Lichfield Library move will safeguard St Mary’s in the Market Square, says Lichfield District Council leader

The leader of Lichfield District Council says proposals to transfer Lichfield Library will safeguard St Mary’s in the Market Square.

St Mary's in the Market Square. Pic: Bs0u10e01

St Mary’s in the Market Square. Pic: Bs0u10e01

Staffordshire County Council has drawn up plans to move the facility and convert the current site at The Friary into residential properties.

A petition opposing the plans has gathered more than 5,000 signatures, with campaigners saying the building – which was gifted to the people of the city before the covenant was dropped in 1995 – should not be sold to private developers.

But Cllr Mike Wilcox, leader of Lichfield District Council, told a meeting of the local authority earlier this week that the move made sense.

“It is a good move to ensure the sustainability of St Mary’s and bring the library into the city centre, an area where we are keen to promote and boost in future,” he said.

His comments came after a formal question from Cllr Sue Woodward.

The Friary building which currently houses Lichfield Library. Pic: Elliott Brown

The Friary building which currently houses Lichfield Library. Pic: Elliott Brown

The leader of the Labour opposition group said that while the Save Lichfield Library campaign may have been “misnamed”, some of the issues raised did need to be considered.

“I agree that the move would improve the viability of St Mary’s – an important site in Lichfield city centre,” Cllr Woodward said. “But there is an issue over the public benefit of this building in the future.

“This public benefit is not met by selling the site for any purpose.

“If The Friary were to be used for public benefit then it may appease some of the complaints.”

Cllr Woodward has previously said that if the library is moved, the current site should be used for extra care housing for older or disabled people.

But Cllr Ian Parry, deputy leader of Stadffordshire County Council, said the conversion needed to achieve this would be “very difficult”.

Founder of LichfieldLive and editor of the site.

19 Comments

  1. Darryl

    21st April, 2016 at 10:10 am

    So, is St Mary’s under threat now?

  2. Ken

    21st April, 2016 at 11:02 am

    Tory councillor supports Tory council plan. No surprise there.

    Shame Cllr Wilcox wasn’t asked whether or not he supports the principle behind the Save Lichfield Library petition ie. that there should be a consultation on the future of the library and the Friary. Now THAT would be interesting.

  3. Rebecca Sadler

    21st April, 2016 at 11:32 am

    Never mind what Cllr Wilcox thinks – we want a consultation, give the people of Lichfield a say in the future of their building!

  4. Frustrated

    21st April, 2016 at 11:36 am

    What do councillors do?
    Councillors are elected to the local council to represent their local community, so they must either live or work in the area. Becoming a councillor is both a rewarding and privileged form of public service. You will be in a position to make a difference to the quality of other people’s daily lives and prospects.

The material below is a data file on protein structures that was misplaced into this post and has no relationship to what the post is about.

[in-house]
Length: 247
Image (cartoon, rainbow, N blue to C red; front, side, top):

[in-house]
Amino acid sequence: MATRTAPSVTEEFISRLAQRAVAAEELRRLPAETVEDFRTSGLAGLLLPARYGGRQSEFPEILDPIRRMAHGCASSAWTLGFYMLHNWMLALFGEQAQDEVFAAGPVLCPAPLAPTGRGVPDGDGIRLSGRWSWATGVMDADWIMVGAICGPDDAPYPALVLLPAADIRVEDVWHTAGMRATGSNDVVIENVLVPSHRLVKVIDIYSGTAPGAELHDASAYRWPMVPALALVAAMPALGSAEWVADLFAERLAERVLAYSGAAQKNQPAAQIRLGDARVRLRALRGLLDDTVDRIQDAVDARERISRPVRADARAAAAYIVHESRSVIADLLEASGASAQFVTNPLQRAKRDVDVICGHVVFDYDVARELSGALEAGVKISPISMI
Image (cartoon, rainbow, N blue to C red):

http://www.local.gov.uk/c/document_library/get_file?uuid=fa4de86d-1009-4b58-a9e7-3103fe3d9a36

    A little more representing and listening, a little less ruling over us, please.

  5. Alan White

    21st April, 2016 at 4:51 pm

    Perhaps it would help to highlight a few points. First, there was a consultation on the future of the libraries in Staffordshire:
    http://www.staffordshire.gov.uk/yourcouncil/consultationandfeedback/consultationdetails.aspx?consultationdeptid=leisure-and-culture&consultationid=lets-talk-libraries-consultation-16-07-14

    The consultation process was well publicised at the time it took place.

    Second, any change of use for the building will require planning permission. Planning applications have to be consulted upon, and those with a high level of public interest are heard, in public, by Lichfield District Council planning committee. There are opportunities for interested parties to make their views known, either in writing or in person.

    Third, it is possible for communities or groups who are interested in taking on assets in public ownership using a scheme known as Community Asset Transfer http://mycommunity.org.uk/programme/community-asset-transfer/. So for those groups who are concerned about the future of this public building, I think there are opportunities to ‘have a go’.

    Fourth, it is worth thinking about the future shape of the City once the Friarsgate scheme is in place. Once Friarsgate is open, I would expect the ‘heart’ of the City to move up Bakers Lane to the new shopping centre. Trying to retain the vibrancy around Market Square will be really important to the feel of the City. I think creating a new ‘destination’ using St Mary’s will really help.

  6. Frustrated

    21st April, 2016 at 5:46 pm

    Strange, I didn’t see closing the library, in any election literature.

    Always, best to do the painful things now, the electorate are so stupid, they will forget, all the bad things, when they get to vote again.

  7. Dinsmore

    21st April, 2016 at 6:14 pm

    It would be helpful if Councillor White could provide a link to the part of the previous consultation where they asked for people’s views on moving the library and selling the Friary. I can’t seem to find it.

  8. Crispy

    21st April, 2016 at 7:34 pm

    So Staffordshire County Council has drawn up plans to move the library. Superb! That means if this goes ahead, all sale proceeds go to SCC and not LDC! This smacks of, SCC needs cash so is going to raid the most affluent area in Staffordshire! Huge con! SCC and LDC need an enema, if this is alowed to happen!!!!💩💩

  9. AgitatorofPeople

    22nd April, 2016 at 8:20 am

    Regardless of what is inside St Marys, realistically what would happen to that building, owned by the church which they are letting fall into disrepair, and we the tax payer should pay for it? They are presently asking for £millions to fix up a library in the Cathedral, the government has just gave them £800,000 pounds to spend on lighting.